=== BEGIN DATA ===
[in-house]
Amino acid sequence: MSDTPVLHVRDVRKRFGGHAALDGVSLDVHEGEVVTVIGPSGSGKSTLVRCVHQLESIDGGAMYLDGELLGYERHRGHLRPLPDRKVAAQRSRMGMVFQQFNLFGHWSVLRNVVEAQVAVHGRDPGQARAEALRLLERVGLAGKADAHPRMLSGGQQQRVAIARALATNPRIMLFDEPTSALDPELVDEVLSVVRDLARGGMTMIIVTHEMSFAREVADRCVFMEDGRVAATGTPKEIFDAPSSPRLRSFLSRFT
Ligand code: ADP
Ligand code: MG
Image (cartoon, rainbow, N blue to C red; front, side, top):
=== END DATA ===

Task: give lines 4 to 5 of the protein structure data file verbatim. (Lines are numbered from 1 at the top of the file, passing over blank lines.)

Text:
Ligand code: MG
Image (cartoon, rainbow, N blue to C red; front, side, top):